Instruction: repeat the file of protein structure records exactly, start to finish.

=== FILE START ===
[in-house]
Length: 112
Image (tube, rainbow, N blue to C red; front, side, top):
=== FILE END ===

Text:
[in-house]
Length: 112
Image (tube, rainbow, N blue to C red; front, side, top):